Review: Symptoms — Ashley Tisdale

It has been almost ten years exactly since Ashley Tisdale last released an album—the pop rock-inflected Guilty Pleasure, which I’m sure continues to be its namesake for many young adults that grew up on late-2000s Disney — and that amount of time can be daunting for just about anyone when plotting a return to the spotlight. Despite any trepidation that may or may have not occurred on her end, the singer has finally delivered her sonically on-trend third record, Symptoms. Over the record’s brisk nine tracks and twenty-five-minute pace, Tisdale attempts to articulate her life-long struggle with mental illnesses, with some songs working better than others.

Initially appearing to eschew the romantic themes of the singer’s previous releases, its clear by the end of the opening and title track that longtime fans will not feel ostracized by Tisdale’s new lyrical aspirations. While most songs here fall under the motif of detailing the anxiety and depression she has suffered from throughout her career (“Insomnia,” “Under Pressure”), they also infuse these personal lows with loving highs (“Looking Glass,” “Vibrations”), giving everyone something to enjoy as they listen through.

Though a valiant effort to put her tribulations to pen, Symptoms’ weaknesses lie in its clumsy writing. When the singer tries to capture the feeling of mental debilitation, it often veers into corniness or striving to be relatable; even when I have no doubt she has weathered the trauma anxiety and depression bring, it feels disingenuous in the tracks where they take precedence. Other songs, such as the post-EDM “Love Me & Let Me Go” and the “True Romance” that permeates the singer’s marriage, allow her to flex her ear for delectable hooks and production flair — the finale, “Feeling So Good,” does the best job of this, showing her resilience against these mental obstacles while also serving up pop perfection. It’s these tracks where Symptoms hits its own highs, making the decade-long incubation of Tisdale’s third record worth the lows.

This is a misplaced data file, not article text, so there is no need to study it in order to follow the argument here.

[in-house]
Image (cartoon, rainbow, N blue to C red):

Rating: 8/10

Standout tracks: “Love Me & Let Me Go,” “True Romance,” “Voices in My Head,” “Feeling So Good.”

A music business student with a passion for writing about music almost as intense as his desire to curate it.

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